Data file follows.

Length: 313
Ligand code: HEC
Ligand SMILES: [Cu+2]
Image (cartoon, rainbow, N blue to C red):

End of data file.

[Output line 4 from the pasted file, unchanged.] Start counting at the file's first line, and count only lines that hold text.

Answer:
Image (cartoon, rainbow, N blue to C red):